Eventually, aloe vera made its way to the New World as well. Columbus kept aloe vera on his boats to help treat any wounds his sailors would get during their travels. Since aloe vera was so highly regarded as a treatment for any kind of skin irritation, it is definitely possible that aloe vera juice was used on dogs who would get rashes, burns, and wounds out working or playing. 

Science Behind Dogs and Aloe

Science of Can Dogs Taste Aloe?
Aloe contains high levels of amino acids, calcium, folate, iron, magnesium, phosphorous, potassium and zinc, vitamins A, C, and E. Aloe vera is also known for being antibacterial, antifungal, helping to treat allergies, and even helping during cancer treatments. 

Aloe vera is most commonly used on dogs externally when they have various skin irritations. Aloe is great for itch relief when your dog is suffering from hot spots and eczema that cause intense itching. The fresh juice is the most powerful. This plant is also great if your dog has happened to get any sunburns. It helps soothe the sore and painful spots on the skin. 

If you have a puppy at home that is teething, rubbing some of the fresh juice on their gums can provide pain relief. Alternatively, you can squeeze the juice from your aloe vera plant and freeze it in a mold or small paper cups. Pop out the frozen aloe vera and let your pup chew on the cold aloe vera cubes to provide pain relief for sore teeth and gums.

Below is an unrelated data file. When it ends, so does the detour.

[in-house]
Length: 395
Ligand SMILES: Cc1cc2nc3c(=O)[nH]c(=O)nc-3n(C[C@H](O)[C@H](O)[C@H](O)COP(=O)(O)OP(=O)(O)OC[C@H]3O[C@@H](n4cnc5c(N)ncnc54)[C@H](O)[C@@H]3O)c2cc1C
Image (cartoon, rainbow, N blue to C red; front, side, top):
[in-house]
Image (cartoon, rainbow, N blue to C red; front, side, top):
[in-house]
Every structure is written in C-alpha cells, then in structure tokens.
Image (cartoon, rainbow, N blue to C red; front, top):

If your dog has gotten a minor wound from running around and playing, use aloe vera to help dress the wound. Its antibacterial properties will help clean the wound and prevent it from getting infected. If your dog likes to lick off the aloe vera, which they probably will, you can try to lightly wrap the wound once the aloe is rubbed gently over the wound. This will keep the aloe vera on the wound and prevent your dog from irritating the wound even more. 

Giving Your Dog Aloe

Training of Can Dogs Taste Aloe?
If you want to use aloe on your dog, the most important thing to do is make sure you are using an organic plant and squeezing out the fresh juice yourself. The fresh juice or gel from the plant will be the most powerful and concentrated juice you can get. 

The juice you find in the store can be filled with sugar and water, which defeats the main purpose of the juice and makes it substantially less powerful. Furthermore, the aloe vera gel you can also find in the store is just as bad. These gels are filled with water, fillers, colors, artificial fragrances, and other toxic chemicals that are not good for your dog's skin. It is also very important to note these types of gels are never allowed for internal use and can do serious harm to your dog's body.

Fresh juice from an organic aloe plant is the safest, purest, and healthiest alternative. This is safe to use on your dog's skin and internally in small amounts as well. 

Safety Tips for Using Aloe on Your Dog:

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    Don't use the gels or juices from the store.
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    Only use fresh and organic aloe juice from a real plant.
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    Only give internally in small and appropriate quantities.